Accountability of Peace Support Operations


Quis custodiet ipsos custodies? In other words, who guards the guardians? At a time when the mandate of many peace support operations includes halting violations of international humanitarian law by third parties, there is still a lack of clarity concerning accountability of peace support operations themselves. This book addresses that accountability, focusing on peace support operations under the command and control of the United Nations and the North Atlantic Treaty Organization. It is concerned with the accountability of international organizations as well as troops contributing and member states, but not of individuals.
Drawing on existing and emerging doctrines of international law, including the law of state responsibility, the law of responsibility of international organizations, international institutional law and international humanitarian law, and on the basis of state practice, this book makes a strong plea for improving mechanisms to implement the accountability of peace support operations under international humanitarian law.
The Paul Reuter Prize 2006 was awarded to Marten Zwanenburg for this book.

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Marten Zwanenburg is Legal Counsel at the Ministry of Defense of the Netherlands. He holds a Ph.D. in International Law from Leiden University.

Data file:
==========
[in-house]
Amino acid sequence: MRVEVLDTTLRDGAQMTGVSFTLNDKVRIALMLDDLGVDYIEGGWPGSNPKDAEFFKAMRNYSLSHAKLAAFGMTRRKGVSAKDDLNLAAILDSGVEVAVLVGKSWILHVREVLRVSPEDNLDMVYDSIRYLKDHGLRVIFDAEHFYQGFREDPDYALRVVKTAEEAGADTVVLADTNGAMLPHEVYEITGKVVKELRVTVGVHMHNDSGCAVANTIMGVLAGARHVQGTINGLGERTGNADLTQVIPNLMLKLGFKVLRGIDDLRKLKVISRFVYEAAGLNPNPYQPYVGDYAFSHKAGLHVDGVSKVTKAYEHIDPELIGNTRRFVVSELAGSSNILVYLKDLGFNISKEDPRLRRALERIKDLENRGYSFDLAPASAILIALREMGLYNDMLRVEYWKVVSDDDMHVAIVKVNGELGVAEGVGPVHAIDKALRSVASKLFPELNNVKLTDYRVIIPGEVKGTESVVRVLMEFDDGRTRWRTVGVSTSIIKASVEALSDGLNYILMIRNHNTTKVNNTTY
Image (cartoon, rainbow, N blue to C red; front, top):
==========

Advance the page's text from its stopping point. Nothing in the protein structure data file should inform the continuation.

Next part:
Winner of the 2006 ICRC Paul Reuter Prize for outstanding work in the field of international humanitarian law. "The jury selected the study because of the wealth of legal material considered by the author, including State and organizational practice, which makes it an especially valuable contribution to the field. The topic is timely and of particular importance for the future development of international humanitarian law, as the number of peace support operations is likely to increase in coming years." "Marten Zwanenburg's Accountability of Peace Support Operations makes a most welcome contribution to the literature on the subject. Above all, the book's merit lies in clarifying the legal framework governing the international responsibility of the UN and NATO for violations of humanitarian law in a highly accessible manner. Zwanenburg specifically addresses the concurrent responsibility of troop contributing states, a matter not widely discussed by other commentaters" Aurel Sari in European Journal of International Law, Volume 17 (2006)
Table of Abbreviations;
Definition and Characteristics of Peace Support Operations;
Attribution of Conduct of Peace Support Operations;
Scope of Application of International Humanitarian Law to Peace Support Operations;
Legal Consequences of Accountability for Breaches of International Humanitarian Law by Peace Support Operations;
Existing Mechanisms for Invoking Accountability for Violations of International Humanitarian Law by Peace Support Operations;
Proposals for New Mechanisms for Invoking Accountability;
Findings and Conclusions;
Table of Cases;
This book will be of interest to academics as well as to practicing lawyers involved in peace support operations.
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